Commissions include: Yale Summer School of Music and Arts, Pittsburgh Chamber Symphony, Yale Band, Blackearth Percussion Group, Festival of Contemporary Organ Music, Chamber Arts Ensemble, Pittsburgh New Music Ensemble, Alienor Harpsichord Foundation, Rochester Philharmonic, National Flute Association, New Millennium Ensemble, Speculum Speculae, CUBE Contemporary Music Ensemble, Jack Quartet, Society for New Music, Smith Publications, Mid-American Center for Contemporary Music, Ossia, Hanson Institute for American Music, ISCM. Music published by Morris Music.
Recordings on CRI, New World, Music Gallery Editions, Neuma, Music and Arts, Fanfare, Centaur, Open Space, Albany Records, Attacca, Yank Gulch Recordings, and Music Gallery Editions.
Publications Include: Composition with Pitch-Classes: A Theory of Compositional Design (Yale, 1987), winner of the Society for Music Theory’s Distinguished Publication Award (1988), Class Notes for Atonal Music Theory (1991, Frog Peak), Advanced Class Notes for Atonal Music Theory (2004, Frog Peak), The Whistling Blackbird: Essays and Talks on New Music (University of Rochester Press, 2010). Articles in Journal of Music Theory, Theory and Practice, Perspectives of New Music, Journal of the American Musicological Society, Music Theory Spectrum and other journals. Co-Editor, Perspectives of New Music. Editorial Board, Open Space Magazine, The Stefan Wolpe Society. Vice-President of the Society for Music Theory (1998-2000). Member/Instructor of the Mannes Institute for Advanced Studies in Music (2005, 2007, 2011).
Professor of Composition
Composer Carlos Sanchez-Gutierrez was born in Mexico City in 1964 and now lives in the New York Tundra, where he teaches. He studied with Jacob Druckman, Martin Bresnick, Steven Mackey, and Henri Dutilleux at Yale, Princeton and Tanglewood, respectively. He has received many of the standard awards in the field (e.g. Barlow, Guggenheim, Fulbright, Koussevitzky, Fromm, American Academy of Arts and Letters). Carlos co-directs the Eastman BroadBand Ensemble. He likes machines with hiccups and spiders with missing legs, looks at Paul Klee’s Notebooks everyday, and tries to use the same set of ears to listen to Bach, Radiohead, or Ligeti.
Chair, Composition Department
Associate Professor of Composition
Mexican-born composer Ricardo Zohn-Muldoon joined the Eastman faculty in 2002. He received his undergraduate degree in guitar and composition from the University of California at San Diego, and both a master’s degree and Ph.D. in composition from the University of Pennsylvania. He studied with George Crumb, Jay Reise, Franco Donatoni, Keith Humble, and Jean Charles François. Prior to joining Eastman, Zohn-Muldoon held positions at the School of Music, University of Guanajuato, Mexico (1993-95), and the College-Conservatory of Music, University of Cincinnati (1997-2002).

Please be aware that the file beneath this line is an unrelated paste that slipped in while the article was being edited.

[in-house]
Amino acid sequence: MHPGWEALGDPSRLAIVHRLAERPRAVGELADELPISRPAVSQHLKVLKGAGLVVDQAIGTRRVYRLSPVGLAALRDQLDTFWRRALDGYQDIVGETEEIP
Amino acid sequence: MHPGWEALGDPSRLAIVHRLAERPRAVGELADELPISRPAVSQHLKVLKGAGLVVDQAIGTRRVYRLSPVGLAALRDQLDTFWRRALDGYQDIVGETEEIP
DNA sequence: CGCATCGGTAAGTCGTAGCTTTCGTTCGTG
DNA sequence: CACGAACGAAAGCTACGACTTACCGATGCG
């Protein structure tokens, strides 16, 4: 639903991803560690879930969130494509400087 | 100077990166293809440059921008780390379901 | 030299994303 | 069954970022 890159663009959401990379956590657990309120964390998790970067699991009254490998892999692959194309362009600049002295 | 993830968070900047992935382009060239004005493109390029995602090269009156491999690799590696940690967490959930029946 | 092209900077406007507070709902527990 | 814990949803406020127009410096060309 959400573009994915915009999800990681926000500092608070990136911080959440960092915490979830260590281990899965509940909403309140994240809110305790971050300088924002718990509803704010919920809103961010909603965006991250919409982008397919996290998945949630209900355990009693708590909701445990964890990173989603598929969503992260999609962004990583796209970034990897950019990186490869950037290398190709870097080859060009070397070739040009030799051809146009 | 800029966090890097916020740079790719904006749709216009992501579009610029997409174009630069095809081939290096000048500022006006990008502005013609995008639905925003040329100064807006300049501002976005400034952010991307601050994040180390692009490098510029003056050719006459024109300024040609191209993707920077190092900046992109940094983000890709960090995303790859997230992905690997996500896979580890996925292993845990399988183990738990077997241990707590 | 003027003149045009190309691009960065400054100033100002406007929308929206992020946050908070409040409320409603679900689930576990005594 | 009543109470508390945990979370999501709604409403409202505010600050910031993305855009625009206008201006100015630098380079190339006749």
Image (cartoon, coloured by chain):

Zohn-Muldoon’s honors include being named 2011 Pulitzer Prize finalist for his work Comala, the 2011 Lillian Fairchild Award, and fellowships from the Guggenheim Foundation, Tanglewood Music Center (Omar del Carlo Foundation), Camargo Foundation, Fondazione William Walton, Endowment for Culture and the Arts of Mexico, and the Embassy of Austria in México (Mozart Medal). He has been invited as guest composer, lecturer, and adjudicator by prominent cultural institutions in the U.S. and Latin America, including the University of Chicago, Cornell University, the Ministry of Culture of Colombia, and the Composers Conference, among others. In 2012 he was a Trotter Visiting Professor at the University of Oregon, in Eugene.
His works have been performed by groups such as as eighth blackbird, Riverside Symphony, Los Angeles Philharmonic New Music Group, Nouvel Ensemble Moderne, Neue Ensemble Hannover, and San Francisco Contemporary Players. Performances have taken place at ISCM World Music Days, National Public Radio’s “St. Paul Sunday,” Metropolitan Museum of Art, Gaudeamus International Music Week, Academy of Arts in Munich, Festival Internacional Cervantino, and Foro Internacional de Musica Nueva, among others.
His recent work has included collaborations with artists from other disciplines. Encounters, with illustrations by celebrated Mexican cartoonist José Ignacio Solórzano (Jis), was composed for a concert series leading to the FIFA World Cup of 2006, thanks to a commission from Globusklänge and Initiative Neue Musik Berlin. Silueta como Sirena, written thanks to a commission from the Fromm Foundation, is based on songs by distinguished songwriter Alfredo Sánchez. It was premiered by the Riverside Symphony, the Tarab Cello Ensemble, and Alfredo Sánchez in 2007. Pluck. Pound. Peel., for soprano and an unusual ensemble of plucked instruments, strings, and percussion, was written on texts by poet Raúl Aceves, for the Syracuse Society for New Music, in 2010.